As my raging hunger took some time to settle down I realised that I was the one doing most of the eating as the Boy was already quite full from all the canapés served at the launch party earlier. In a moment of self-control I thought it a wise idea to order a salad to fill me up as our final choice. But I cheated a little, I mean who can go past a grilled haloumi salad? I’m sure it has elements of healthy in it, right? It was tossed in with watermelon, mint, pistachio and green olives. The spritzy orange blossom and fennel dressing left a light and refreshing taste on the palate convincing me that I had been good enough to justify ordering some dessert.
I ordered the peach and lavender fool without really knowing what sort of dessert a “fool” was but I love trying new things and it was one of the few gluten free options. I also asked for some Turkish delight on the side to which the Boy retorted “What do you want THAT for?” Turkish delight is something I detested for years until recently when I received some for the Sweet Swap and now I am totally converted. Pillows of firm jelly dusted with powder puffs of icing sugar left gentle scents of rosewater and orange on my satisfied taste-buds.
A “fool” turns out to be type of English dessert made by folding stewed fruit into whipped cream or custard. Bivouac used honeycomb yoghurt to mix in with the fruit and generously drizzled the lot with dark ruby red berry coulis. Shard of honey comb and sprinkles of lavender completed this creation but I confess it was all bit too much dairy for me. The Boy on the other hand was completely smitten and happily finished it off with a contented smile on his face.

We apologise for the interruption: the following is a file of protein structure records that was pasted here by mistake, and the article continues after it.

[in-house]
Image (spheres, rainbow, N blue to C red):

I loved Bivouac’s spunk and groove; it typifies just how cool Northbridge is becoming. It is no longer the roughened playground of hardened partygoers but has a number of snappy eateries with their fingers firmly on the pulse. I can guarantee this is one place we will definitely be returning to.This is not a sponsored meal and Chompchomp paid for this meal in full. Bivouac 198 William Street, Northbridge WA 6003 | (08) 9227 0883 | bivouac.com.au Price: $$ (Share plates $7-34, Pizzas $23-26 (not GF) ) Food: 4/5 (share plates of simple concepts with an interesting twist) Service: 4/5 (quick on their feet with hipster humour and smiles) Ambience: 3.5/5 (happening, busy and loud) Drinks: 4 /5 (excellent interesting choice of regional Aussie and Internationals) Total: 15.5 /20
Eat Drink Perth is celebrating its 10th year and their launch party The First Feast was held at Brookfield Place last Monday. The event attracted all the who’s who of the food industry as seven of the star venues from around Brookfield Place took the guests on a culinary journey complete with signature cocktails, entertainment and substantial amounts of food. As one of the team of four official bloggers for Eat Drink Perth I joined the festivities for a night of fun.
The evening commenced outdoors under the stars with pre-dinner cocktails served by Bar Lafayette and Choo Choo’s. A gorgeous Perth based swing band called the Darling Buds of May churned out some hip-swinging tunes under the eerie blue lighting whilst the mixologists at the bar vigorously shook, muddled and stirred up some of the prettiest cocktails in town.
It was hard to know what our amuse bouche actually looked like under the deep blue hue of the lights but it certainly packed a bomb of flavour. It was created by the guest of honour Matt Golinski using a number of ingredients that are Western Australian grown. Bite sized spoonfuls of soft spanner crab mixed with crushed macadamia, ginger and coconut were piled neatly on a betel leaf and topped with pearls of finger lime. The heart-shaped leaf made it easy to roll up and eat somewhat delicately even for someone as uncoordinated as myself.
After a few rounds of Moscow Mule cocktails we were all ushered into the foyer of Brookfield Place to what I can only describe as the longest long table I have ever seen. Seating 250 guests it spanned from one side of the vast foyer to the other. Our tables were already set with our entrées which were created by Sushia Izakaya; a Japanese restaurant who pride themselves on using fresh produce to prepare dishes that are a fusion of traditional and modern Japanese flavours.
The majority of the table received the Hamachi carpaccio of Kingfish sashimi in an Asian styled pesto with yuzu soy and wafu gelée. I was told that whilst the fish was very soft it tasted like it had been plated a little too soon in advance and had consequently been sitting at the table for some time before we were seated.